Professor finds that parasites infect urban poor

Public health officials largely overlook the scope of parasitic infections among poor Americans, according to research by a GW professor.

Peter J. Hotez, chair of the department of microbiology, immunology and tropical medicine at GW, said parasites are a recognized issue in Latin America, Africa and Asia, but that many individuals do not realize what a serious problem they can be for America’s poor populations.

“These diseases – specifically hookworm and schistomiasis – only occur in the setting of great poverty in rural areas of developing countries,” he said. “They are hidden, and so even though they are the most common infections, most people from the U.S. and Europe have never heard of them.”

Hookworm is a parasite that lives in its host’s small intestine and causes iron deficiency anemia and intellectual, cognitive and growth retardation, while schistomiasis can cause liver and intestinal damage from a parasitic flatworm’s infection of the host’s blood.

Hotez said he hopes to one day find a vaccine for schistomiasis and to get the support to start researching parasites in D.C.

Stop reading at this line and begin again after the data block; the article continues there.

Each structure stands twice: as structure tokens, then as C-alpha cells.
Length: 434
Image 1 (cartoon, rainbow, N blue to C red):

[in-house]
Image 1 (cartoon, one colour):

Up to a quarter of inner-city blacks may be infected with roundworms, and tapeworms are the leading cause of seizures among Hispanics, he said.

“I’ve been interested in parasites since I was a teenager,” Hotez said. “They cause so much disease in the world and yet nobody ever thinks about them.”

Parasites are most prevalent along the U.S.-Mexico border, the Mississippi Delta and in Appalachia. Although he does study parasites in the U.S., most of Hotez’s research concentrates on neglected tropical disease infections among poor people in developing countries.

“Being at GW is great because we are in close proximity to the Pan-American Health Organization, and neighbors with the World Bank,” Hotez said. “This city gives us the opportunity to create a unique entity that does everything from basic research to developing new products to the actual policies behind them.”

He continued, “Because we have the research facilities nearby, we can develop the vaccines here in Washington and then test them in Brazil.”

One way Hotez is working to raise awareness of NTDs is by teaming up with actress Alyssa Milano and the Sabin Vaccine Institute. Milano was recently named the founding ambassador of the Global Network for Neglected Tropical Disease Control, and pledged $250,000 to provide treatment to millions.

Hotez is the founding chair of a unique center for research and treatment at GW that is funded by the Bill and Melinda Gates foundation and the Sabin Vaccine Institute. The GW research department of microbiology, immunology and tropical medicine is one of the only academic tropical medicine departments in the United States.

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